Today is a good day to wish a Happy Birthday Anniversary in honor of Rosewell M. Wendell. Rosewell Murray Wendell was born in Detroit, Michigan on this date in 1885. Wendell is another one of the many unknown and unsung heroes of Michigan Football. I call him one of the “Michigan Mystery Men” since there isn’t a lot that was written about him and his experiences at Michigan.
According to the Michigan Football Rosters of 1903 and 1904, Rosewell M. Wendell was a “reserve” on Fielding Yost’s famous Point-a-Minute teams. Apparently, Wendell never played in a Michigan game, but he was listed as one of thirty “reserve” players on the 1903 team roster. Although the 1903 Wolverine roster listed sixty-four players only twelve men appeared in the team photo that year which was reserved for varsity letter winners only! Yost was not inclined to play a lot of players and he almost always put the best possible team on the field.
Obviously, a lot of players had trouble cracking Yost’s starting line-up and Rosewell M. Wendell was one of them. Rosewell was not listed on the 1902 roster or the 1905 roster either. He was probably a graduate student who practiced for the Wolverines for two seasons, but that was about it.
It looks like the only thing that was harder than beating a Yost team in 1903 and 1904 was playing on one. The Wolverines posted a record of 21 wins, 0 losses and 1 tie in 1903. They extended the Michigan winning streak that began in 1901 to forty-four games (42-0-1). It was an amazing time for Maize and Blue football teams and their fans. The only blemish on those stellar seasons was a 6-6 tie at Minnesota. Oh yes, they also “lost” a water jug. That little jug is now the centerpiece in the Michigan-Minnesota football rivalry and is now called the “Little Brown Jug.”
So, even though he was not a “famous Wolverine,” Rosewell M. Wendell was a Wolverine nonetheless. He was part of a record-breaking time in Michigan Football history. There have been lots of other men who came to Michigan with high hopes of playing football for the Maize and Blue. Unfortunately, they never played a down, but you have to give them credit for trying. On the one hundred thirty-fourth anniversary of Rosewell Wendell’s birthday, let’s remember the effort he put forth on the practice field and honor his small, but important, contribution to the Michigan football tradition. Rosewell Wendell died February 7, 1964 at the age of seventy-eight. May Rosewell M. Wendell always rest in peace! Go Blue!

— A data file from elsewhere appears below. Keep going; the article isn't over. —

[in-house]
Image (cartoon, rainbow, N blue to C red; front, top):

In what year did the Michigan Wolverines lose every football game on their schedule?
There is only one season in one-hundred thirty-eight years of football that the Michigan Wolverines lost every game. Yes, the 1881 season was forgettable. The entire season consisted of a three-game road trip that pitted Michigan against some of the best “eastern” teams that they could play.
Team Captain Walter Horton wanted to find out how good his Wolverines really were. So, he set up games against Harvard (October 31), Yale (November 2) and Princeton (November 4). It was the first time that any western team journeyed east to test themselves against the eastern powers.
The Wolverines were shutout in the first two games against Harvard (0-4) and Yale (0-11) and played well at Princeton, but still lost 4-13. In retrospect, this was a giant step forward for Michigan Football. Yes, they lost every game, but they were not embarrassed – that’s for sure. As it turned out, the Wolverines did a lot of thinking about the direction the program after 1881. In fact, they didn’t schedule any games for the 1882 season. However, they were back in 1883 and have been winning at an amazing rate ever since! Go Blue!
Who is the only Wolverine to lead the Big Ten and the nation in scoring for two consecutive seasons?